Motorola unveiled a smartphone version of its handsets that feature a popular Chinese handwriting technology, in hopes that the company can make a comeback in China, where it was once the market leader.
Motorola's Ming handsets were originally launched in 2006 as phones designed
for Chinese users who preferred to input Chinese characters using a stylus on a
They have now been relaunched as third-generation, or higher-speed, smartphones running Google's Android operating system.
The smartphones come in three versions, one for each of China's state-run
Two of the phones offer high-definition video cameras and other features to attract the growing number of smartphone users in China's increasingly competitive market, where Apple and HTC are preparing to expand.
China is the world's largest mobile market by number of subscribers.
Apple, which officially offers the iPhone 3G and iPhone 3GS in China, has said it is
planning to open 25 stores in China by the end of 2011. Apple partner China
Unicom (Hong Kong), meanwhile, has said it hopes to release the iPhone 4 in
China by year end.
Taiwan handset maker HTC is preparing to launch its brand and introduce four handsets in China this fall, including three Android phones.
Motorola's market share in China has dropped dramatically. It stood at 2% in the second quarter, down from 23% in the same quarter in 2006, according to research firm IDC.
But the handset maker's share of China's nascent smartphone market is
significantly higher than its share of the total market, with 13.6% of sales in
the second quarter, according to research firm Analysys International.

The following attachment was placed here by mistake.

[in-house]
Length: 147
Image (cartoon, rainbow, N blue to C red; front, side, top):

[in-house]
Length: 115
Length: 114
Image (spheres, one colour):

Motorola ranked third after Nokia, which had 26.7% share, and Samsung, which had 17.9% share, and higher than Apple and Research in Motion (RIM, maker of BlackBerry), which had 7.1% and 6% of the market, respectively.
Motorola, based in Schaumburg, USA, has adjusted its focus in recent years
to create high-end devices based on Android.
It is pursuing this strategy in China, betting that smartphone penetration will continue to increase quickly. IDC expects 26 million smartphones to be sold in China this year, 50% more than in 2009.
"The smartphone segment in China is growing very fast," said Frank Meng, president of Greater China for Motorola's mobile-devices business. "Countries like the U.S. are at the front of the curve, but China is catching up quickly."
Mr. Meng said the company is using the new line of Ming phones to introduce smartphone capabilities to existing Ming users, and to expand the target audience beyond high-end business users.
He said he expects Android to become the mainstream smartphone platform in
China as it has elsewhere, and that Motorola is "100% dedicated to Android."
Including the new Ming handsets,
Motorola has launched 11 smartphones in China since December, he said. He estimates that in the first six months of 2010 more than half of Android mobile phones shipped in China were Motorola phones.
Ming mobile phones are one of the most prominent examples of localization by a multinational handset vendor in China. The company estimates there have been roughly five million Ming users since the line was first launched four years ago. The phones have distinctive transparent covers that flip up to provide access to the touch screens.
Motorola is making other attempts to localize its products.
It has created a mobile-application store called SHOP4APPS, which accepts widely used Chinese online-payment methods such as Alibaba Group's AliPay and Chinese credit cards, according to Bin Shen , who is in charge of product development in Asia for Motorola Mobility.
The company is also working with content providers to package applications that it expects Chinese consumers to use.
Source: Wall Street Journal